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4                               A  FEW   MEMORIES
long articles, enthusiastic about the present and full of predictions for the future.
After seeing Evadne, Mr. De Bar engaged me for the following week to close that historic old theatre, the St. Charles, at New Orleans, before it was converted into a music-hall or variety theatre. After travelling from Saturday until Monday there was only time for one hurried rehearsal for that night's performance. The company, like the one at St. Louis, was composed of a most helpful and kindly set of men and women, who found no trouble too great to make the plays successful. But our hearts sank very low on learning that not one seat had been sold for the entire week. The outlook was hopeless, and horrible visions of failure and new debts rose up before me. I could not but be amused, however, when the Irish box-keeper said: " Och, the houly saints bliss yer yung heart, not a sate have we sauld for the wake. Oi asked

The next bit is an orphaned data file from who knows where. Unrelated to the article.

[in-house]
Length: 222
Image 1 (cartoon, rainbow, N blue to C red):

Missus Me------if she wud give me the plisure of
sinding her a few tickets for the wake. Ye see, she's the mither of a large family, and Oi thought they wud help to fill up a bit ' Well,' sez she, condiscenclin'-loike,'if it wud obloige ye, sur, I moight take a few.' ' Divil a bit,' sez I, with me temper up,c if it's only to obloige me, not a sate do